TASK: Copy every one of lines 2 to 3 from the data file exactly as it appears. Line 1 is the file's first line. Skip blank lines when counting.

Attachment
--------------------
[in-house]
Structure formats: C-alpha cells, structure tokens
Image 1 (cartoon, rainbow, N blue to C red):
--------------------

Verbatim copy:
Structure formats: C-alpha cells, structure tokens
Image 1 (cartoon, rainbow, N blue to C red):